Lynch’s national title

Goalkeeper Jason Lynch in action at the 2013 national hockey championships last week. Photo courtesy of Kelly Selby.

Hockey. The Tasmanian over 35s masters hockey team has gone back-to-back and successfully defended their national title by winning the 2013 national championship at Sydney’s Olympic Park last week.

Smithton Saints hockey club veteran Jason Lynch played as the team’s goal keeper, and helped the team secure the championship win by conceding a miserly nine goals over the seven matches.

Most of the Tasmanian matches were played in temperatures above 30⁰c which made for tough playing conditions and this made the team’s success even more remarkable.

In the five-pool matches Tasmania finished second on the ladder with three wins, one loss and one draw. They played NSW in the semi-final and won 3-0 and then in the grand final defeated Victoria 1-0.

The grand final was an action packed and intensely fought out match with neither side able to score until midway through the second half when Jeremy Stebbings slotted the ball low into the goals to give Tasmania a 1-0 lead. For the remainder of the match Tassie defended resolutely and bottled up play deep inside the Victorian defensive half to grind out a memorable victory.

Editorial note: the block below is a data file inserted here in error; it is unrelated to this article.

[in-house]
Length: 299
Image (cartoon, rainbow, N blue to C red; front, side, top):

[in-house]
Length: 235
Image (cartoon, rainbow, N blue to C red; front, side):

In attack the Tasmanian side scored a championship-high of 21 goals for the tournament, with Sean Carey’s penalty corner drag flicking proving unstoppable as he put in five goals, Mat Selby led the way by scoring three field goals and the other goals came from nine different players.

The mid-field of Brett Withington and Marty Bissett proved decisive as they relentlessy transferred play into the forward line and made life tough for the opposition, as they tried to push into the Tasmanian defensive half.

The Tasmanian defensive effort included playing coach Stephen McMullen, Peter Boyles, Forbes Appleby and Jason Lynch. Together they proved very successful in shutting down the opposition attacking plays and making life very difficult for any would-be goal scorer.

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